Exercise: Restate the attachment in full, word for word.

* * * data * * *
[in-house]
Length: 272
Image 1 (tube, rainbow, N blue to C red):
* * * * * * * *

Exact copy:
[in-house]
Length: 272
Image 1 (tube, rainbow, N blue to C red):